Skip to comments.Is Germany preparing for future capital controls? The reason why it is bringlng home it's gold?
Posted on 01/31/2013 2:39:00 PM PST by dennisw
The best indicator of a chess player's form is his ability to sense the climax of the game
Boris Spassky, World Chess Champion, 1969-1972
You've likely heard that the German central bank announced it will begin withdrawing part of its massive gold holdings from the United States as well as all its holdings from France. By 2020, Bundesbank says it wants half its gold reserves stored in its own vault in Germany.
Why would it want to physically move the metal from New York? It's not as if US vaults are not secure, and since Germany already owns the gold, does it really matter where it sits?
You may recall that Hugo Chávez did the same thing in late 2011, repatriating much of his country's gold reserves from London. However, this isn't a third-world dictatorship; Germany is a major ally of the US. So what's going on?
Pawn to A3
On the surface, it may seem innocuous for Germany to move some pallets of gold closer to home. Some observers note that since Russia isn't likely to be invading Germany anytime soon one of the original reasons Germany had for storing its gold outside the country the move is only natural and no big deal. But Germany's gold stash represents roughly 10% of the world's gold reserves, and the cost of moving it is not trivial, so we see greater import in the move.
The Bundesbank said the purpose of the move was to "build trust and confidence domestically, and the ability to exchange gold for foreign currencies at gold-trading centers abroad within a short space of time." It's just satisfying the worries of the commoners, in the mainstream view, as well as giving themselves the ability to complete transactions faster. As evidence that it's nothing more than this, Bundesbank points out that half of Germany's gold will remain in New York and London (the US portion of reserves will only be reduced from 45% to 37%).
Sounds reasonable. But these economists remind me of the analysts who every year claim the price of gold will fall they can't see the bigger implications and frequently miss the forest for the trees.
What your friendly government economist doesn't reveal and the mainstream journalist doesn't report (or doesn't understand) is that in the event of a US bankruptcy, euro implosion, or similar financial catastrophe, access to gold would almost certainly be limited. If Germany were to actually need its gold, regardless of the reason, any request for transfer or sale would be difficult. There would be, at the very least, delays. At worst such requests could be denied, depending on the circumstances at the time. That's not just bad it defeats the purpose of owning gold.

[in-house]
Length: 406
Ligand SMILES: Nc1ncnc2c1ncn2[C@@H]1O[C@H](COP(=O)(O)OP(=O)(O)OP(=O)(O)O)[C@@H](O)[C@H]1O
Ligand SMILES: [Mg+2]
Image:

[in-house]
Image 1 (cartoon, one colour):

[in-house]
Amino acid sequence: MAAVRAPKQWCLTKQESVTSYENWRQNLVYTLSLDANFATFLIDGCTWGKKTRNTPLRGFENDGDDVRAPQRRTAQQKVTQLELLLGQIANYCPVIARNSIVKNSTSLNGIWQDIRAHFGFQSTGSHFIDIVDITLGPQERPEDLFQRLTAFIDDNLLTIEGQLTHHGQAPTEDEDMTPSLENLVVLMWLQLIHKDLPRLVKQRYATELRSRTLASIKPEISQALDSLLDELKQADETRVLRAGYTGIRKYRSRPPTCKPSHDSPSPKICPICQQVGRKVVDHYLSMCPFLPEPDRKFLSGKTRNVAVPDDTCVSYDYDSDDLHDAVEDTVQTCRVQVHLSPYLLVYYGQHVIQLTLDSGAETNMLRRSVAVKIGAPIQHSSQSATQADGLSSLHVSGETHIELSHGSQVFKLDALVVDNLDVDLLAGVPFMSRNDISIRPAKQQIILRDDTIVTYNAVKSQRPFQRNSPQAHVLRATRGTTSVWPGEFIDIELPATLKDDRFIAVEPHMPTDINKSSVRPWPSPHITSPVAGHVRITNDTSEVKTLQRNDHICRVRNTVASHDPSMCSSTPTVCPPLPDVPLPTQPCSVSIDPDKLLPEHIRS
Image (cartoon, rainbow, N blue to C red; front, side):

But this still doesn't capture the greater significance of this action. First, it reinforces the growing recognition that gold is money. Physical bullion isn't just a commodity, a day-trading vehicle, or even an investment. It's a store of value, a physical hedge against monetary dislocations. In the ultimate extreme, it's something you can use to pay for goods or services when all other means fail. It is precisely those who don't recognize this historical fact who stand to lose the most in an adverse monetary event. (Hello, government economist.)
Second, here's the quote that reveals the ultimate, backstop reason for the move: Bundesbank stated it is a "pre-emptive" measure "in case of a currency crisis."
Germany's central bank thinks a currency crisis is really possible. That's a very sobering fact.
We agree, of course: history is very clear on this. No fiat currency has lasted forever. Eventually they all fail. Whether the dollar goes to zero or merely becomes a second-class currency in the global arena, the root cause for failure is universal and inevitable: continual and perpetual dilution of the currency.
Some level of currency crisis is inescapable at this point because absolutely nothing has changed with worldwide debt levels, deficit spending, and currency printing, except that they all continue to increase. While many economists and politicians claim these actions are necessary and are leading us to recovery, it's clear we have yet to experience the fallout from spending more than we have and printing the difference. There will be serious and painful consequences, sooner or later of an inflationary nature, and the average person's standard of living will be greatly reduced.
And now there are rumblings that the Netherlands and Azerbaijan may move their gold back home. If this trend gathers steam, we could easily see a "gold run" in the same manner history has seen bank runs. Add in high inflation or a major currency event and a very ugly vicious cycle could ignite.
If other countries follow Germany's path or the mistrust between central bankers grows, the next logical step would be to clamp down on gold exports. It would be the beginning of the kind of stringent capital controls Doug Casey and a few others have warned about for years. Think about it: is it really so far-fetched to think politicians wouldn't somehow restrict the movement of gold if their currencies and/or economies were failing?